Magic items in Dungeons and Dragons started off as one of many, many tropes that got added to the game to emulate all the various sources that inspired the game. Everything from classic mythology and folklore to pulp stories describe various items, which got stats and could show up across the board.
In early D&D, this meant people could randomly find a thing that was kind of cool sometimes, to something amazingly awesome all the time, but until 3rd edition, the design of the game didn’t assume that magic items were part of what every adventurer should have. In 3rd edition, characters had a wealth “budget” to show how much player characters were assumed to have available to them.
Towards the end of 3rd edition, several supplementary rules tried to address the idea that these amazing, wonderful items eventually were underpowered, and characters would trade in their super special +1 magic item for a super special +3 magic item, because math. Two means of addressing this came from Weapons of Legacy and the Magic Item Compendium.
Weapons of Legacy allowed a weapon to become more powerful over time, so that characters weren’t constantly selling or trading off old magic items to get something more appropriate for their level. The Magic Item Compendium introduced runestones, which allowed a player character to acquire other magic items that could be slotted into an existing item to make it better.
Implementation: Third Edition and Beyond
Weapons of Legacy had a harder time fitting into the 3rd edition paradigm, because they were designed to assume sacrifice on the part of the player, in the form of investing experience points to unlock greater abilities. This created a weird calibration between the assumed gold piece value of magic items and what the Legacy Weapon could do. A little more calibrated to 3e’s paradigm were runestones, where the different tiers of runestone powers could be mapped to a gp value.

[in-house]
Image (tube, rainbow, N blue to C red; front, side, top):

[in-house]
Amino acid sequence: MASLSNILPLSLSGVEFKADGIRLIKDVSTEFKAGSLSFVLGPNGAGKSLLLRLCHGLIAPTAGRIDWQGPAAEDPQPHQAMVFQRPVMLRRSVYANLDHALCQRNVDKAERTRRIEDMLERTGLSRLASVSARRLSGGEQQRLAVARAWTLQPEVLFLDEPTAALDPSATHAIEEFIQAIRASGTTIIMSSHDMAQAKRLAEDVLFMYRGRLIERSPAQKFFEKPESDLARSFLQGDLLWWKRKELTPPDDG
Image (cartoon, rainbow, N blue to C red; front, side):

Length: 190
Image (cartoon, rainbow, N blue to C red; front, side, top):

Fourth edition had both a similar and very different idea about magic items, in that they were assumed as part of the player character’s power level, but the paradigm of how player characters changed and upgraded their weapons had brand new rules. Finally, we reach 5e, which doesn’t assume that characters have any particular magic items, but where you may still notice the difference between that +1 sword you find at 5th level versus the vorpal sword you pick up at 15th level. Can you really put aside Doomchopper, Survivor of Rust Monsters, just because you found a vorpal sword? I mean, you probably should, but you named it and everything, even if it isn’t codified in the rules.
Wow, that was a long preamble. What I really meant to say is, I’m going to look at the Dungeon Masters Guild product, Armaments of Legacy.
Details of the Artifact
This product is 19 pages long, including a cover, a title page with legal text, and a credits page which also includes the author’s introduction. Rich Lescouflair, the author, is one of the go-to people for layout among the Guild Adepts, and the product shows his talent for formatting. It looks great and uses the art assets available extremely well.
What’s in the PDF
As with a lot of my reviews of smaller products, I’m doing more of a flyby of the book than I do in larger products, lest my review ends up being as long as the product itself. The product describes how the concept works, then dives into the actual magic items rather quickly.
The main body of the work is detailing the weapons, armor, shields, and foci, and the powers that they gain over time. At the end of the book, there is a short discussion about requiring specific events to trigger upgrades instead of just being triggered when the character levels up. It finishes up with the idea of using runestones as items that can trigger the upgrades in a weapon, or the alternate idea of sacrificing spell scrolls to etch upgrades into an existing weapon.